Garth: I have a couple. One seems more uplifting, and one seems more hopeless (but isn’t actually). The first is from a letter Martha Graham wrote to Agnes de Mille: “No artist is pleased. There is no satisfaction whatever at any time. There is only a queer, divine dissatisfaction, a blessed unrest that keeps us marching and makes us more alive than the others.” I love that because we are always so hard on ourselves, and writing can be frustrating and demoralizing. But knowing that the dissatisfaction is “divine,” that it spurs us to be even better, that it drives our art to be greater, that is exhilarating.
The other, now that it’s set against the first one, doesn’t seem so bad. It’s from George Saunders: “Writing means basically failing everyday.” I find this heartening. It means, basically, that we don’t have to expect perfection when we sit down to write (or, more aptly, after we get up after having written). We can work and work all day, and it’s fine if it’s not faultless, or even usable. We did it, that’s enough; then we can rewrite it and fix it now that we know what’s wrong with it.  And, hey, if someone as talented as George Saunders can feel that way, who are we to give up hope?

Joe: “Who is that?”  “No one… he’s the author.”  – Shakespeare in Love

Who do you wish you could write like (or: Whose writing discipline do you wish you had)?
Joe: Dolly Parton. She writes a song every day. That’s discipline.

What excites you most about teaching for the Writers’ Program?
Garth: What excites me about teaching for the Writers’ Program is the chance to spend time with creative people who are passionate about their craft; collaborating alongside students who are working in the realm of imagination, of possibility, is an awesome thing. There is no better experience than to come together to share stories, to help find the subtleties that bring a character to life, to work with other writers as they hone and realize their best possible work. It is literally watching as whole worlds are born. It’s inspiring.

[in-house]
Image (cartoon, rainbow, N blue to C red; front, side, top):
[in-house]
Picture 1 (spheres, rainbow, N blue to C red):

Joe Boothe

Joe: I worked really hard to learn what I know about writing, and I wish I didn’t have to work so hard. I’m excited to give someone the chance to learn what I know without having to spend as much time struggling and searching. There are stories out there that haven’t been told and perspectives that haven’t been amplified. I am excited to pass the tools I have developed onto other artists whose voices haven’t been heard yet.

What do you hope your students get from your course(s)?
Garth: Mainly, I hope we can create a safe and creative space that allows all of us to gain the courage to explore all the possibilities of stories and ideas. Knowing that we are all in the same place—with the same self-doubts—the workshop will allow us to stretch ourselves, to try out new directions, and encourage each other to go to places we didn’t think were possible. Writing is all about trying, and there is no bad writing! None. There may be unfinished writing, but that’s what the writing process is about. A painter once said, when asked what it was like to be surrounded all the time by the beauty of his work, “99% of the time I’m looking at something ugly.” It’s the work that he had to put in, every day, that made it beautiful. We need to put stuff out there, we need to try things, to surprise ourselves, and then we need to go back and see which things worked, which things maybe worked less well. But you don’t know until you do it. You can never, ever judge, or dread, or be fearful of the steps you may have to take to get you where you want to be in your script. ALL THOSE STEPS ARE NECESSARY.

Joe: I hope they learn that story is the most important part of storytelling, and characters are the most important part of story. Plot is filler.

Anything else?
Joe: A lot of people think they should write because they have great ideas. A lot of people think they can’t write because they don’t have any ideas. Both are wrong. Ideas are a dime a dozen. Every amazing unique idea you’ve had was also had by five other people at the same time. Craft, skill, diligence, follow-through, perseverance, dedication, and most of all POINT OF VIEW… these are what make a good writer.  And they are all within your control (unlike ideas).

Thank you to Garth & Joe for taking time to share with us. Look for more instructor interviews coming soon!